Thinking of retiring abroad?
If you are thinking about retiring abroad, then you might be wondering how you will cope with the adjustment. Our friends at Bower Retirement Services have spoken to a number of British expats to find out what made their move easier, and what challenges they were faced with.
David Wright, a British expat who moved to America in December 1999, has some advice for anyone wondering how to feel more at home after the big move.
“It really helps to become emotionally invested in your new home and country immediately,”
says David. He believes one of the best ways to achieve this is to think of yourself as an ‘immigrant’, rather than an ‘expat’. “My experience is that people who have an ‘expat’ mindset are much less likely to make a success of an international move than those who adopt the ‘immigrant’ mindset. Start thinking of your new home as ‘home’ and where you came from as ‘the old country”. Embracing the customs and language of your new home is also important. David recommends you “watch local TV news – don’t cling to the media of the old country. Stop watching the BBC.
Many people worry about making new friends. Amanda Adorni, a British expat in Santorini, Greece, has worked hard to make new friends and get to know more people in her new community. She believes using your hobbies and interests to meet people is key.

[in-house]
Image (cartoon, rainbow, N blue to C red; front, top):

“I have a dog, so I have dog walking friends, I also volunteer at the local dog and donkey shelter so there are more friends there”, says Amanda. “I talk to everyone in the village, and in my seasonal summer job I know lots of people from hotels and villas.”
David Wright has some further advice for prospective expats looking to move abroad:
“Even if you weren’t very neighbourly in the UK, make more of an effort in your new home – host a BBQ for your new neighbours.” He believes integration is key for British expats settling in and making friends: “Avoid making too many British friends, they may help with the culture shock in the short term, but having too many will get in the way of integrating into your new home, so keep such friends as a small part of your new circle. In short, integrate!”
Another challenge of moving abroad is missing the home comforts you have enjoyed for most, or all, of your life. Cadburys chocolate, McVitie’s biscuits, PG Tips, all staples in a typical home in the UK, but sadly, not abroad. So how do British expats cope with their cravings for home comforts?
For David, sampling and learning to love the staples from your new home is vital. He recommends, “choosing a handful of things you will have visitors bring for you that you can’t get here, but think of them as treats, not staples.”
There may be challenges to face when you retire abroad, but for every challenge there is an adventure to be had, a new experience to be enjoyed, or an opportunity to grab with both hands. Or as British expat, Andrew Greenfield, says: “Go for it. It’s a great way to start over, and you’re never too old to do that”.